• Chest pain
  • Dry eyes
  • Headaches, confusion and memory loss
Daily challenges of arthritis

Daily challenges

Living with arthritis can be challenging for many people and carrying out everyday tasks that many others take for granted can be difficult for someone with arthritis, such as, but not limited to:

  • Personal care – raising arms to wash or brush their hair, holding and using a toothbrush or razor, getting into and out of a bath, turning on taps and showers.
  • Dressing – selecting clothing that is easy to put on and take off; fasteners such as buttons or zips can be problematic for someone with dexterity issues. Putting on socks or tights, even wearing tight clothing can be problematic because the pain in particular joints covered by the clothing can be intense.
  • Meal preparation – opening tins, bottles or packaging, lifting kitchen equipment such as full kettles, saucepans etc. carrying plates or hot drinks, using kitchen equipment such as knives and graters, reaching into high cupboards or bending to access low cupboards.
  • Around the home – using household equipment such as vacuum cleaners, dusters etc., opening and closing windows, turning keys in locks.
  • At work – using work equipment whether office equipment such as a computer keyboard and mouse, industrial hand tools, or accessing ladders, steps or stairs. Even being seated or standing for long periods can exacerbate the condition.

These and many other challenges faced by people living with arthritis can be physically exhausting to carry out and this exhaustion disrupts their daily life. Lack of or disruptive sleep due to pain also contributes to this fatigue which can lead to increased inactivity, loss of muscle mass and weight gain, all of which can make arthritis symptoms worse. Having arthritis can increase a person’s risk of other health problems, such as heart disease, lung disease, diabetes, inflammatory bowel disease and chronic fatigue syndrome, all of which can be associated with fatigue.

Living with chronic pain and having reduced mobility or dexterity can also affect a person’s mental wellbeing. Feeling low can then lead to increased pain, creating a vicious cycle. Some people feel frustrated that they can’t easily do things that they used to be able to, which can lead to anger or depression; others can develop stress or anxiety when faced with tasks or activities that cause difficulty.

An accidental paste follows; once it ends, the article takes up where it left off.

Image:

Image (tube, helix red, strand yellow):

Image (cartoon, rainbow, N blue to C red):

Impact on mobility

Mobility can be a problem for those with arthritis especially when there is active inflammation. Because of the nature of arthritis some people have difficulty walking, even for short distances. Others may experience difficulties sitting or standing for long periods. Those with severe rheumatoid arthritis find it particularly hard to get up in the morning, stand for any length of time, get out of chairs or kneel on the floor and find it difficult to get in and out of the bath. 

Some people with arthritis find stairs or steps difficult and some people have a fear of falling, particularly if they couldn’t put their hands out to save themselves from a nasty fall or bump.

Driving can be a challenge for someone with arthritis, particularly steering and getting into and out of the vehicle. However, you only need to tell the Driver and Vehicle Licensing Agency (DVLA) about your arthritis if:

  • It is affecting your ability to drive
  • You use special controls for driving

Any disabilities you disclose to the DVLA will also need to be disclosed to your car insurance provider; it may make no difference to your insurance premium but may invalidate your policy if not disclosed.